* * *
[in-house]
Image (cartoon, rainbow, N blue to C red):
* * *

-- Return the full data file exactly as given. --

[in-house]
Image (cartoon, rainbow, N blue to C red):